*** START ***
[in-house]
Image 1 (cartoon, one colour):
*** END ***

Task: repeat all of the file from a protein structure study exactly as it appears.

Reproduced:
[in-house]
Image 1 (cartoon, one colour):